The perfect crime

An afternoon well spent in an office tailor made for intrigue

By Linda Davies

It was a dull day on the trading floor. Business was thin. The clients were like reticent fish. The atmosphere was brooding. Pasty faces tinged green by the flickering of hundreds of computer screens glowered at each other. The big swinging dicks prowled the floor, looking for sport.

I wandered through the maze of tightly packed desks to the machine for my tenth black coffee. Traders along my route entertained themselves by dissecting my outfit. Was it as good as yesterday’s? As flattering, as well tailored? I paraphrase, their language was rather more colourful.

I returned to the relative sanctuary of my desk where I sat, elbow to elbow with fellow salesmen and traders, all bored, all amusing themselves in their particular way: computer sex, the Racing Post, 0898 telephone numbers.

I retreated into day dreams. What, I wondered, was the biggest crime I could possibly commit, using the apparatus at my disposal?

My purpose was fictional. My mentality, good or bad, falls short of criminal. But trading floors can be corrupting places; huge pressures, huge money, huge scope and the glorious sense of alienation from any limitation which accompanies the “can do” ethos which permeates the City.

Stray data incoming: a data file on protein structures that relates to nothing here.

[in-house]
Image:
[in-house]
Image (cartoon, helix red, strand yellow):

How easy to slip from the legal to the illegal trade, especially when the law is so patchy and the temptation so great.

Millions can be made almost invisibly, just numbers on a screen, a few telephone calls, a couple of squiggles on a piece of paper. Financial crime is the smoothest thing.

But how to commit it? I set to musing. I was alarmed by how easily the core idea came. It took just minutes.

The finance ministers and central bankers of G7 were meeting in Frankfurt. Perhaps they were going to decide to intervene in the foreign exchange markets to support or depress one of their member currencies. What if a foreign exchange trader knew in advance? What if one of the ministers tipped him off? It would be like knowing the winner of the Derby in advance.

And the stake? A top FX trader could take a position of half a billion dollars. Just a well timed word or two of inside information – “buy dollars” – and he could make 5 or 10 million in an afternoon.

And the beauty of it? No one would suspect. He takes huge positions in the markets every week. It’s his job; the perfect cover.

I sat back with a smile and lit a celebratory cigarette; I had discovered the perfect crime.

But do the perpetrators get away with it, or, as in all good parables, are they destroyed by hubris and greed?

It took me two years to write Nest of Vipers. In that time “Black Wednesday” showed the awesome power of the FX markets which destroyed a major strand of government economic policy, felled the Chancellor and abolished hopes of the medium term achievement of European Currency Union.

Black Wednesday also showed how billions of dollars can be made in days on the FX markets, legally. Imagine how much could be made illegally.

[Originally published in The Independent in their True Stories series, 9th June 1994]

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